2001 census: Methodology
The 2001 census was the first census in Scotland to represent the entire population.
We achieved this through:
- running an independent follow-up survey
- using estimation and imputation processes on census results
Previous censuses provided estimates for Scotland’s population.
Our processes for 2001 meant we could state, with a high level of accuracy, what Scotland’s population was on census night.
Census population process
- the census questionnaire was distributed and completed across Scotland in April 2001
- in May and June we ran a follow-up survey called the Census Coverage Survey is across Scotland
- we matched records from the CCS to those from the 2001 Census
- we estimated how many people were missed by both the census and Census Coverage Survey from the results of the matching and using dual system estimation techniques
- we combined the 'missing' population with the Census population to get an estimate of the true population of the sample areas
- we estimated populations for each local authority by age and sex were using a combination of standard regression and small area estimation techniques
- we imputed households and persons estimated to have been missed by the Census to produce a fully adjusted Census database
- we assured the quality of our population estimates using demographic analysis and comparison with aggregate level administrative data
Census Coverage Survey
The Census Coverage Survey involved face-to-face interviews with people from 40,000 households across Scotland.
It was designed to help us identify where the census had under-counted areas, and adjust our population numbers.
We ran the Census Coverage Survey as independently from the 2001 census as possible. This ‘dual system’ approach meant we could estimate:
- people missed by the census
- people missed by the Census Coverage Survey
- people missed by both
We identified areas that were hard to count in both a census and in the survey, and adjusted our estimates. This meant 40,600 people were added to our population estimates.
Edit and imputation
Editing is the process of ironing out inconsistencies in census data. Imputation is filling in gaps in census responses.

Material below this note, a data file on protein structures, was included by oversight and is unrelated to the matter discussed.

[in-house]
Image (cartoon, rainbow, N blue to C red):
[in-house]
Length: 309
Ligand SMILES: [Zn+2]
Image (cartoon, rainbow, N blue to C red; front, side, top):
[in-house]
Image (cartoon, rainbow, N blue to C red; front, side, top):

We used an Edit and Donor Imputation System developed by the Office for National Statistics on behalf of all UK census offices.
Using the Census Coverage Survey to help us, we were able to impute complete records, households and individuals who were missed from the census.
Read more about edit and imputation for the 2022 census.
We conducted the 2001 census on a resident basis. That means it collected information for where people usually live, not where they were on census night. People who were away from home on census night were included at their usual address.
In 2001, unlike previous censuses, households who were all away on census night were legally required to complete the census on their return.
Students and schoolchildren
Students and schoolchildren studying away from home were included as residents at their term-time addresses. We only collected basic information, such as name, sex, age, marital status and relationships, for these people at their ‘home’ addresses.
Students and children studying away from home will not be included in the families, household size, or household composition outputs for their home address.
A communal establishment is a place that provides residential accommodation and is supervised either part-time or full-time.
Communal establishments can include prisons, larger hospitals and hotels.
Small hotels and guesthouses are counted as communal establishments if they can have 10 or more guests, not including the manager and their family.
Sheltered housing is counted as a communal establishment if less than half the residents have their own facilities for cooking. Otherwise, the whole establishment will be treated as separate households.
Communal establishment residents
The rules for whether a person is resident in a household also apply to communal establishments.
A person is a resident of a communal establishment if they have been living there, or intend to live there, for 6 months or more. Visitors on census day who do not have a usual address elsewhere are also counted as a resident.
Usual residents of communal establishments who were away on census day were required to complete a census questionnaire on their return.
In some tables, the term ‘residents’ excludes members of staff and their families.
People sleeping rough
People sleeping rough are those identified as 'absolutely homeless': people sleeping or bedded down in the open air or buildings or other places not designed or suitable for habitation.
They are included in standard tables as residents in communal establishments.